Get this: my professor was telling us how our university is investing in this new enhancement to the robotic system where a heart doesn’t have to stop beating while in surgery. The robotic arm ENTERS the heart and performs the surgery while the heart beats. The sensors make the robotic instrument move in unphathomable (unfathomable… man, after getting paradigm right, the spelling accuracy has tailed off… maybe if you had a robot or a dude in India type this you could’ve avoided the spelling errors.) ways to avoid disrupting other parts of the heart. To my surprise, I’ve heard it’s been going VERY successfully. They’re even developing algorithm-based EKGs which can actually bring a great deal of accuracy to the surgery room. Can you imagine if these enhanced EKGs are used with this robotic system? Im sure it’s been mentioned.

-Can you see people liking the idea of less hospital stay due to accuracy?(wow…)
-Can you see surgeries being done in remote areas? (yay…)
-Can you see offshore SURGEONS being used? Okay. Fine. We’ll pay them 50,000 USD this time. (whuptee doo, hurry up and finish…)

You can view my thesis, sources, and MS Powerpoint presentation online. The sources are too long so don’t bother. But do check out the slides. Also, make sure you click on the ‘surgery example’ and ‘telecompanionship/scenario’ links on the slides:
http://home.uchicago.edu/~salman

Read about DaVinci in detail:
http://www.intuitivesurgical.com/products/index.html
A lot of bigtime university hospitals and stand-alone hospitals are investing in these…robotic surgeons. Even in Illinois: http://www.intuitivesurgical.com/patients/maps/hospital-results.asp?stateID=14

(yawn, is this article finished yet?)In conclusion, don’t be scurred youngens. I just find it to be a very interesting field and you should all keep it in mind. That’s all.

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15 Comments
  1. Anonymous permalink

    FIRST TO COMMENTYESSSSSSSSSSSSSSSSSSSSSSSSSSSSSSSSSSSSSSSSS!!!!!!!!!!!!!!!!!!!!!!!!!!!

  2. Anonymous permalink

    hey kamrrrraaan.. Did you notice that the two characters are Kumar Riaz.. somewhat similiar to Kamran Riaz? MUAHAHAHAHAHAHAHAI only figured that out til AFTER i hit submit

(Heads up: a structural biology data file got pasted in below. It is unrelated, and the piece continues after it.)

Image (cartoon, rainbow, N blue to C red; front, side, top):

3. hmm… thats interesting, the dude in the middle is actually performing some sort of surgery… word up.
    globilization, imagine what they do to war with this sort of thing… sheesh.
    next thing you know, youll have an entire army on the ground without a human in site, and some coward can practically play command and conquer from the comfort of his home… alhamdullilah for EMP bombs… =D
    salaamalaikum… but this is cool too in a way, I mean, also that tangent about cutting expensive american employees out of the loop and hiring desi’s-sweeeeeet!!!

  4. Yet, another reason why IT ppl need to stick it out with tech and not jump “sectors” (education isn’t a sector, nor an industry for that matter; closest you can validate it with is by calling it a “field”) 
    Telesurgery (orginally called Remote Robotic Surgery) was performed in 2001 and occurs with no exact consistency.  They would rather fly in a doctor than perform the surgery remotely because 1) lawsuits, 2) the instruments used have to be very exact and the surgery is actually longer than if the surgeon was in the room.  Although, the radiologist example was dead-on.  My uncle’s MRIs were sent to india in the middle of the night.  5 hours later, a detailed write up was sent back written up by who else?……… Dr. Patel!  [I doubt they have plain simple x-rays sent over, what decent american hospital doesn’t have a freakin radiologist on-call, at least a resident that can read clear radiographs?]